The study was conducted in the Altiplano Potosino region in the northern part of subtropical Mexico (22° 23′ 24″ N). This region possesses a semi-arid climate where the mean annual rainfall is 492 mm from June to September. The dry season is characterized by a dramatic decrease in food availability [11]. In this region, goats are fed only by grazing the natural rangeland daily from 0700 to 1700 h. During the night they are kept in rural shelters. The vegetative species available are shrubs (Prosopis leavigata, Acacia farneciana, Atriplex acantocarpa, Agave scabra, Mimosa biuncifera, Celtis pallida, Condalia lycioides, and Castella texana), herbaceous (Heliantus ciliaris, Salsola kali, and Solanum elaeagnilolium) and grasses (Bouteloua radicosa, Bouchloe dactyloides, Setarias spp, and Cencchrus ciliaris L.). The goats’ diet throughout the year in the region consists of 82% shrubs, 12% herbaceous plants and 6% grasses [2].

Animals, experimental treatments, and management

Thirty nine mulitparous crossed Alpine×Nubian goats, 3 years old (initial body weight [BW] 43.5±1.7 kg) from the day of parturition were assigned to one of the following treatments: i) grazing control (n = 15); ii) grazing plus 20 mL/goat/d of supplemental soybean oil (n = 12); and iii) grazing plus 20 mL/goat/d of supplemental canola oil (n = 12). During the day, all goats grazed the rangeland and returned at 17:00 hour to pens. Supplemental oil was dosed individually using a 20 mL syringe every day at 07:00 h, before grazing. The goat kids were weighed each 7 days to estimate daily gain. They were slaughtered on day 35 and hot carcass weight was recorded. Does were weighted at the day of parturition and on day 35. To estimate the feed intake the equation of AFRC [12] was used as:
Lactating goats dry matter intake=(119.6×BW0.75)/1,000
Where BW 0.75 is metabolic body weight, kg.

Milk production

Milk production was measured each 7 days as described by Reynolds et al [13]. Goats were separated from their kids at 07:00 h and were immediately milked by hand after an injection of oxytocin (20 IU) into the jugular vein. This milk was offered to the goat kids. After 3 h, the goats were milked again using oxytocin and the yield was recorded. Milk samples were frozen at 4°C until further analysis. Samples which were mixed, homogenized in a water bath for 1 min (40°C) until the temperature reached 29°C and analysed (fat and protein) with a Lactoscan Ultrasonic milk analyzer (Milkotronic, Nova Zagora, Bulgaria).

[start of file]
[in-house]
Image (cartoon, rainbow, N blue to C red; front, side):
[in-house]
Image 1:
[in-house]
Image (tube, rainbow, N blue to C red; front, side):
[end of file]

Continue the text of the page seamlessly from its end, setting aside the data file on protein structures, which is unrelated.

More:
Fatty acid composition of milk fat

Lipids for fatty acid analysis were extracted from the milk and analyzed using 2:1 (vol/vol) chloroform-methanol [14]. A total of 10 to 20 mg of extracted lipid was derivatized using 1:4 (vol/vol) tetramethylguanidine and methanol [15] after including heptadecanoic acid (17:0) as an internal standard. Fatty acid profiles were determined by chromatography on a Supelco-2560, 100 m× 0.25 mm×0.20 μm column (Sigma Aldrich Canada, Oakville, ON, Canada) installed in a gas chromatograph (Agilent 6890, Santa Clara, CA, USA) by flame ionization detection and splitless injection using conventional standards (Sigma Aldrich Canada, Canada).

Statistical analyses

Results were analyzed as a Completely Randomized Design and means were compared with those of the planned contrasts: CI, control vs supplemented with oils; CII, soybean vs canola oil. Means were also compared via Tukey test [16]. Data were analyzed with the JMP7 software [17].


Performance of goats

The soybean and canola oil supplementation reduced weight losses in the lactating goats (CI: −0.060 vs 0.090 kg/d; p = 0.03) but did not improve milk production or affect the growth of the kids (Table 1).

Fatty acid composition of milk fat in goats